Posted by Mathias Klang
On the one hand digital rights management (DRM) can be understood as the lock placed on the door to your house. It’s a piece of technology that prevents unauthorized access. Naturally if it were just this simple this would be the end of all discussion.
DRM really becomes interesting when placed in relation to copyrightable material. When buying copyrightable material (films, music, books etc) what we are really buying is the physical copy and the right to use that specific copy. This may not have been a consumer-related problem when copyright was born over 300 years ago but today we have ready access to make and spread copies of the copyrightable material we buy.
This is why many sellers have been experimenting with technical measure that allow buyers to use their products but without allowing them to copy or share them to others. This is why, when you buy a book from Amazon to read on your Kindle you are, presently, unable to make several copies of that file and give it to your friends. You may only read the copy.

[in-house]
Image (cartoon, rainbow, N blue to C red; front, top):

However the technology also goes beyond these limitations and encroaches on rights buyers have previously had. In the case of Kindle books, my ability to lend books is severely limited and my ability to give away books I no longer want is non-existent, compared to my physical books. The DRM system prevents me from doing these things.
Therefore by implementing DRM systems for their books Amazon is changing the very concept of the book. They are already doing so by the very presence of their ebook reader. But by not enabling us to share or give away (among other things) our own books aren’t they actually redefining what a book truly is?
A major role for me in our project will be to explore the effects of technology on the concept of books, the book market and the readers. This is a fascinating subject and will surely entail longer and deeper discussions on the impact of DRM.